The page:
“Like a ball batted back and forth,” says an ancient text called the Yoga bindu Upanishad, “a human being is batted by two forces within”: one, the upward drive to evolve into spiritual beings; the other, the fierce downward thrust of our past conditioning as separate, self-oriented, physical creatures.
The literal meaning of the Sanskrit here is “like a ball hit by a stick held in the hand.” I don’t have any idea what game the sages of ancient India had been watching, but I think tennis fits the verse perfectly.
Every one of us, this ancient text says, is being played twenty-four hours a day back and forth between two opposing inner forces. This inner tension is our evolutionary heritage. It reflects our divided nature as human beings: partly physical, essentially spiritual, constantly pulled in two conflicting directions. If this sounds bad, it is actually quite positive. For if one of these players will not let us alone, neither will the other. Built into our very nature is an inner drive that will not let us be satisfied with living at our lowest level, governed only by biological laws. Some inner evolutionary imperative is constantly exhorting us to grow, to reach for the highest that we can conceive, as if nature itself will not let us rest with anything less than spiritual fulfillment.
Sometimes when I am waiting at the dentist’s office, I like to look at the popular magazines. It doesn’t matter if they are a few months old; I am always interested in their slick advertisements. Either by innuendo or by outright declaration, they are all aimed at one deep, almost universal desire: to change who we are, make ourselves somehow better: richer, smarter, more attractive, more secure, more at home with who we are.
Unfortunately, these implicit promises of Madison Avenue deal only with externals: a fragrance that the opposite sex will find irresistible, a ring that will make a relationship “last for eternity,” a house so spectacular that we will want nothing more but to lounge in it all day and admire the appointments and the view. Despite their sophisticated appearance, below every advertisement like this I would like to write, “This won’t change you! You’ll still be the same old person. You’ll still have to live with yourself as you are.”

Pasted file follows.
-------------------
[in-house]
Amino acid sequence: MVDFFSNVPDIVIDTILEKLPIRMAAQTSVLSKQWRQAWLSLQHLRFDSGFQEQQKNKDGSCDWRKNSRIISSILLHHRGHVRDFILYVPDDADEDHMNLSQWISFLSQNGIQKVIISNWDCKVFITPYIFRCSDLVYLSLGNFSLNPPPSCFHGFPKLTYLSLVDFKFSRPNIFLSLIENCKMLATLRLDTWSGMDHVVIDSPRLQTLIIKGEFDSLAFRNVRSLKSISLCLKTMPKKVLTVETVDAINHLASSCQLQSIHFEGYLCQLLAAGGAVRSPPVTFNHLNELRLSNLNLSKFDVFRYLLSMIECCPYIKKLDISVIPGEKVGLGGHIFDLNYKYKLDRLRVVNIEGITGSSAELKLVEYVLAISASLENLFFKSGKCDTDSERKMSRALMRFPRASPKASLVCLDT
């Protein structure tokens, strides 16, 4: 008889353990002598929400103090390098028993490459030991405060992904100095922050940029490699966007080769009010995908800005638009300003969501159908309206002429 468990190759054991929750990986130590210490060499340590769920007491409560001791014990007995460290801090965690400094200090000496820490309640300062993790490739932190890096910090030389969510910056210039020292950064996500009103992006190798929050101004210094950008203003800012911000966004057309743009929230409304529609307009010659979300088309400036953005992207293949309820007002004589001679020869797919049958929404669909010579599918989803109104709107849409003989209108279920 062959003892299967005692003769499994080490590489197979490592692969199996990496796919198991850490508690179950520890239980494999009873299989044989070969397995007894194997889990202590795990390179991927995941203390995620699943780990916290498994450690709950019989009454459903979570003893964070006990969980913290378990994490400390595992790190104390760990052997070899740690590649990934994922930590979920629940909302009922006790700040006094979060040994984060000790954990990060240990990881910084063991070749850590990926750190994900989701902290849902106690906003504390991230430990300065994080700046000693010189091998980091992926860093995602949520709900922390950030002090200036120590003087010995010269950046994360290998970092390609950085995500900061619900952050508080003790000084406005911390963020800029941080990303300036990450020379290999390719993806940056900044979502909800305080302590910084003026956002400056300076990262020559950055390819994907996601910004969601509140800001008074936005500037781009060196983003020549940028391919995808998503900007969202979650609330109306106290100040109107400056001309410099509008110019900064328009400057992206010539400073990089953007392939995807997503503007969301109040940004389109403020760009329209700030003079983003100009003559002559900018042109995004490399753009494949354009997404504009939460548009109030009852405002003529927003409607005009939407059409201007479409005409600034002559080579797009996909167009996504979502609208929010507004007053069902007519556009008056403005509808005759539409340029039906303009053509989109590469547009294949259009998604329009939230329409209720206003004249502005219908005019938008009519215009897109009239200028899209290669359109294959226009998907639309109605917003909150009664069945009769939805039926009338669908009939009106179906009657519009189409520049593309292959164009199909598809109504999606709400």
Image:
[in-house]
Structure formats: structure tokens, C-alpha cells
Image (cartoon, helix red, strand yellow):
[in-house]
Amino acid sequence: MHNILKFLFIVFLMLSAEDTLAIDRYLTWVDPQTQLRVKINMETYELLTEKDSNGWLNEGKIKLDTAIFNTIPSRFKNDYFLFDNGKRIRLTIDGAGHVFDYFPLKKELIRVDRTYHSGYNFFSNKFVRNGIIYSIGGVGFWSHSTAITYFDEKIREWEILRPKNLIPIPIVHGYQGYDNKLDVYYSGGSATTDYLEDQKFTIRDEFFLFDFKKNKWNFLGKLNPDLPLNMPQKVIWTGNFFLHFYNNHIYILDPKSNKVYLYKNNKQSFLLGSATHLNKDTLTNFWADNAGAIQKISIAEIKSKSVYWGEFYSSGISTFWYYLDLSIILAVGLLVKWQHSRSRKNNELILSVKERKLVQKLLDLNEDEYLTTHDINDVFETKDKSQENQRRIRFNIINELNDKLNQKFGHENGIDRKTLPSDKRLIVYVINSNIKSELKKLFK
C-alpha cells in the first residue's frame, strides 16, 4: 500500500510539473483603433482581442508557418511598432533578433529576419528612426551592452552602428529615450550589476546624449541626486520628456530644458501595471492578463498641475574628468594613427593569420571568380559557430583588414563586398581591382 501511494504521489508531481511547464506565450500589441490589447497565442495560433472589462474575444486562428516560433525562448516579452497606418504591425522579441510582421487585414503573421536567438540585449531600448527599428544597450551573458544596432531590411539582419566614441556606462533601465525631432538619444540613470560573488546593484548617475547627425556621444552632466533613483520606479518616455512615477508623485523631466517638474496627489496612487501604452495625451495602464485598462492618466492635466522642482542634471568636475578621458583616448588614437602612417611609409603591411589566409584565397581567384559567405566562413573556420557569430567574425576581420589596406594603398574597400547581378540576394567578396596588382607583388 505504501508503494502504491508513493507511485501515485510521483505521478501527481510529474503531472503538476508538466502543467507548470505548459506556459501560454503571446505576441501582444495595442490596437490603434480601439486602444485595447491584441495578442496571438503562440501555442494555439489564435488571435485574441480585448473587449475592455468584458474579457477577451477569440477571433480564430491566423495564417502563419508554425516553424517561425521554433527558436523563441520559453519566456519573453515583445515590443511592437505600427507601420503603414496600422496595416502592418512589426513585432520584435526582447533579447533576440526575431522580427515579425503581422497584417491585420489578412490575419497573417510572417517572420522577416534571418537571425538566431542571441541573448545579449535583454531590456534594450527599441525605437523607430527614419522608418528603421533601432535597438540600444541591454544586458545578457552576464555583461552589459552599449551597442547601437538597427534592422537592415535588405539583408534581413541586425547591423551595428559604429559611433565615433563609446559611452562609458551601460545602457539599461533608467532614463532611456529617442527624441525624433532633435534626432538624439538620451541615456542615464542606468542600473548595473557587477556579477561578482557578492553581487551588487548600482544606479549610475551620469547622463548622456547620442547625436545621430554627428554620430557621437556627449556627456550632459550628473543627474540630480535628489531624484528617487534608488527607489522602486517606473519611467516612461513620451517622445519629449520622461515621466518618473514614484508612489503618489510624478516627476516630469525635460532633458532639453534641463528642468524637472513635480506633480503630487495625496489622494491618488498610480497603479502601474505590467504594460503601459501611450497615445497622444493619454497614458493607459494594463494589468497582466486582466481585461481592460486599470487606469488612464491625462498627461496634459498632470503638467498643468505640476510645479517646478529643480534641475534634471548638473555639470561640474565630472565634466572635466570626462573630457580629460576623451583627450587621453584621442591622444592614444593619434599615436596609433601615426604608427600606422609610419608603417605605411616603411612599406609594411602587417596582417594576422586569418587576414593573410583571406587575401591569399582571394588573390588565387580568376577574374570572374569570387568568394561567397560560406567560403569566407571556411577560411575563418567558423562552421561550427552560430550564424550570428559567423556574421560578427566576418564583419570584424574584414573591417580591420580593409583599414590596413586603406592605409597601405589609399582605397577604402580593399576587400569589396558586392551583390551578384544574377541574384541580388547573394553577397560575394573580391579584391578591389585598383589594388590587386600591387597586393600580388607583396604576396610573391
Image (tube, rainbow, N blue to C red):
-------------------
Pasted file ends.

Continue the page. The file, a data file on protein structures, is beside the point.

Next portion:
Toward the end of the second chapter of the Bhagavad Gita there is a statement so direct, so penetrating, that it should move us to question all external attempts at self-improvement: those who are always trying to satisfy their personal desires will never find peace in this life. Such people are doomed to live in turmoil and isolation. They may live in palatial homes, hop from one resort to another, or have their photograph on the covers of the weekly magazines, but they won’t have peace in their hearts. Why? Because if we cannot make changes where we really want to – in our own personality – it does not matter what else we may have achieved; we won’t be able to live with ourselves. We can fool all of the people some of the time and some of the people all of the time, but there is one person – our self – who will look at us with a cold eye and say, “You ain’t foolin’ me! You’re not changing yourself at all; you’re not growing.”
Often, I think, this is why active people are so active, why adventurers adventure and globetrotters trot: we do not want to stop and listen to that quiet heckler in the depths of our hearts, reminding us of our real job. This is ultimately what insecurity means; that is where a sense of inadequacy really comes from.
During the past twenty-five years, I must have heard the same refrain from hundreds of people, particularly those who are young: “I just don’t like myself.” The unspoken assumption is, “This is the kind of person I am, and it’s what I always will be. If I have crippling fears, the best I can do is learn to live with them. If I am prone to fits of anger, people will just have to accept me as I am.”
But we can change. No one need ever feel resigned and say, “There is nothing I can do.” There is everything we can do. That is the purpose and the power of that persistent upward force within us: if we turn inward we can remake ourselves completely, modeling ourselves in the image of the loftiest spiritual ideal we can conceive.
There are changes any one of us can learn to make. If you can be secure where you were insecure, selfless where you were selfish, if you can respect people around you even if they don’t like you and you don’t like them, then I will say with joy, “Yes. You really have changed.” As Meister Eckhart would say, “The pauper that you were is dead; the prince is born.”
This rebirth is the purpose of meditation. It is a tremendous adventure, the greatest that can beckon to a human being. It tests every quality we possess, brings into play every faculty we have. It is for embarking on this supreme adventure that we have come into the world, and until we accept the challenge, we can never really rest content with anything less.